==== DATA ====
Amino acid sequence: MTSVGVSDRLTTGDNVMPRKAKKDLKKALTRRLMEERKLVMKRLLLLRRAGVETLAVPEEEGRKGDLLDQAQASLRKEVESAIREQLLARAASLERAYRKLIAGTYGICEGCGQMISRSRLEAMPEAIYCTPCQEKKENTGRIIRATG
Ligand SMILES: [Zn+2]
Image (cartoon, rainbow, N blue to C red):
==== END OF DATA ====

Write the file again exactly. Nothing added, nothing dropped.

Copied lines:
Amino acid sequence: MTSVGVSDRLTTGDNVMPRKAKKDLKKALTRRLMEERKLVMKRLLLLRRAGVETLAVPEEEGRKGDLLDQAQASLRKEVESAIREQLLARAASLERAYRKLIAGTYGICEGCGQMISRSRLEAMPEAIYCTPCQEKKENTGRIIRATG
Ligand SMILES: [Zn+2]
Image (cartoon, rainbow, N blue to C red):